Sometimes I don't care my son has a developmental disability....
Sometimes I say "he is who he is". I cheer every small triumph. I remember that the baby they prepared me to never walk or talk, walks and talks. I don't care that not everyone understands him or that his movements are stiff. I am blinded by his big smile, gorgeous eyes, that big kind heart and he can do no wrong (well almost).
Sometimes I care a lot. I cry because he isn't able to do things the way my other kids do. That he has less options and has to work three times as hard as other kids. I get angry when the speech lady tells me "he physically is unable to make the k sound so we are moving on from it". I feel physical pain when my own family says he won't get married and have children, because he talks about when he has babies and he wants to marry the beautiful little girl in his class.
Sometimes I am overflowing with gratitude for the village I have helping me raise my kids. The grandparents, aunts, uncles and close friends who always have my back and never let us fail.
Sometimes I am jealous of other moms...
Moms who don't have to deal with what we have, I don't even mean moms of "typically" developing kids. I am jealous of other moms of kids with special needs. (Not sure jealous is the right word but I will leave it there until I find the right word to express my feeling, if there is one) The moms of kids with a true diagnosis. Who know why their child is different and have support groups and communities to back them up. They have other moms who have been there.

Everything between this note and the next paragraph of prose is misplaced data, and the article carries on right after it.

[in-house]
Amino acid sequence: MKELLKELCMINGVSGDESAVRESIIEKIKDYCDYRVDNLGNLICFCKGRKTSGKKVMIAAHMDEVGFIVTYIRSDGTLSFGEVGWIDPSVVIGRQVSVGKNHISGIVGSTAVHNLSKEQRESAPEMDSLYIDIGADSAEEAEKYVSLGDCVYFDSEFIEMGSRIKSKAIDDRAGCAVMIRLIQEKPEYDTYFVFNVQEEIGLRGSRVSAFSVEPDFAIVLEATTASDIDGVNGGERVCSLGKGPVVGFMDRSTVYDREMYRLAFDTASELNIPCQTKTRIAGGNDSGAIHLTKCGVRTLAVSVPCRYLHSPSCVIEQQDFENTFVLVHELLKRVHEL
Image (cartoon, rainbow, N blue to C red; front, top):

My son doesn't have a true diagnosis. The geneticists, neurologists, pediatricians, the physical, occupational and speech therapists, the mounds of other medical staff we have met with all agree he has a genetic disorder. He has very specific structural abnormalities. He is consistently two and half years behind intellectually and emotionally. There is something definitely "wrong". Yet they found no mental retardation on their scans and every single type of test some of the best geneticist in our state threw at him all came back negative. Finally they sat me down and said he has something that probably only one a million people have, that there is "nothing left to test for". Nothing left. No answers. Nothing to research. Nothing to prepare us for what to expect as he grows and changes. Just nothing.
He is who he is. One in a million. That's ok...sometimes.